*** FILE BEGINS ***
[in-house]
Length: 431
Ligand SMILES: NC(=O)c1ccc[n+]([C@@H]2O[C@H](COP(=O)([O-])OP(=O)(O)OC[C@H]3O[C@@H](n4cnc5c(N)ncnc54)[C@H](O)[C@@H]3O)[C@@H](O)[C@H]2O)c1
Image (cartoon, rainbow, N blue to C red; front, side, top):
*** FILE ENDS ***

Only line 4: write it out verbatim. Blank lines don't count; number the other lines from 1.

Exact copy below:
Image (cartoon, rainbow, N blue to C red; front, side, top):